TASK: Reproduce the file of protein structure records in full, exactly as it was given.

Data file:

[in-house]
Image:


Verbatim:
[in-house]
Image: